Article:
The artistic duo of Jonah Freeman and Justin Lowe present their latest installation in ArtBasel.

Jonah Freeman and Justin Lowe: dream architecture in ArtBasel
Basel - JUN 18, 2013
The Malborough gallery has been betting on the duo of American artists Jonah Freeman (1975, Santa Fe, New Mexico) and Justin Lowe (1976, Dayton, Ohio). With their complex architectural installations the artist couple has become a point of reference in contemporary art: building hyperreal atmospheres, sometimes psychedelic and always urban, they manage to immerse the visitor in an experience that could be called realistic fiction. With some caution and encouraged by the curators of Malborough, the visitor enters the installation Artichoke Underground through a closet and suddenly forgets that he is in the cabin number U43 of Unlimited, the room devoted to large format works in this edition of ArtBasel.

Freeman and Lowe duo is known for creating labyrinthine architectural structures that continue to surprise those who are accustomed to the pristine white gallery wall. In fact, their last installation Stray Light Gray for the Marlborough Gallery in Chelsea, New York, marked the start in this space: a sample of large canvases and to the left of the room, an open door leading to a storeroom. One thinks that they have forgotten to close the door until suddenly we are invited to enter. This is how the installations of Freeman and Lowe begin, breaking the visitor's expectations and plunging us into uncharted waters. From then on, we find ourselves crossing rooms connected by cracks in the walls where each space has its own magic, its smell, its furniture, its objects, everything is built to the finest detail.
Jonah Freeman and Justin Lowe: dream architecture in ArtBasel
Each environment created by Freeman and Lowe is an independent architectural structure. Thus, their juxtaposition, seemingly random, in the end results in a collage of separate spaces whose route has dreamlike resonances. The duo has created an architectural amalgam with sequences of hippie communes, wig shops, dead ends, dental clinics, movie ticket offices, residential halls, bathrooms, stores of absurd chemical products, ostentatious libraries, art galleries, fast food Indian restaurants, etc. But despite the skepticism of the eye and the body to be immersed in such diverse atmospheres, one can interact with objects scattered in the rooms, opening drawers, browse through books, touch, there seems to be no limits or action guidelines in this artistic experience.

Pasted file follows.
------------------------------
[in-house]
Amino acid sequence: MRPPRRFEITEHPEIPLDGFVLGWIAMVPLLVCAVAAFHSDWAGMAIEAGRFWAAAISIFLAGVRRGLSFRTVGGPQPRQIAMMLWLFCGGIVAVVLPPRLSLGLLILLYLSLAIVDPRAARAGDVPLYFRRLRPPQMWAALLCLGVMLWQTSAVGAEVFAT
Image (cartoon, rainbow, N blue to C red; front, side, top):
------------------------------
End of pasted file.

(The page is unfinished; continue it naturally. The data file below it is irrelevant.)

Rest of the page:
In this edition of Art Basel, the protagonist is the room of the engraving laboratory of Artichoke Underground, a fictitious group of artists whose name gives title to the installation. The secondary adjacent spaces we find are a corridor of a block of buildings with a bulletin board with photos, a waiting room with magazines that have absurd titles like Can we just call Steve? Guide for the Laws of Offsite Representation and the Rights of Non-Biological Hybrids, by a Carl Erhard, a small room where boxes are stored where there is an open cubicle that visually connects with the outside of the installation, an Punjabi Indian food counter where we discovered a phone made from rice, and finally a room with old electronics. Both this room and the press room have a window that shows a strange display case with plants, cables and the leitmotif that always appears in the work of these artists: sculptures made from crystals. This seems to be the heart and conceptual core of the  installation, a kind of device that is responsible for connecting the spaces metonymically, a dream machine. Finally, at the end of the installation one encounters a mountain of clothes covering the back of the cabin of the Marlborough Gallery.
Jonah Freeman and Justin Lowe: dream architecture in ArtBasel
And, as in dreams, everything is possible in the architectural installations of this promising artistic duo: one can enter a closet and walk into an underworld of impossible objects, foreign publications, amazing tours. With Artichoke Underground, Freeman and Lowe continue thei peculiar creationg of dreamlike environments that teleport us to other times and places. But as also happens in dreams, one realizes that there must be an internal structure, operant laws of the unconscious weaving the internal grammar of this structure. The wire connectors seem to be arranged, hidden in some corner of the installation, in images and in the photographs, in the titles of books and pamphlets, in a foreign object, perhaps crystallized. Restless, I returned the next day. Kindly, the representative of Malborough Gallery invites me to enter the facility through the closet and says: Coming back for more?

Marta del Pozo Ortea

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